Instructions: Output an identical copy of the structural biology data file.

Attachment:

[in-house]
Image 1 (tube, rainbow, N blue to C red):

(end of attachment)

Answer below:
[in-house]
Image 1 (tube, rainbow, N blue to C red):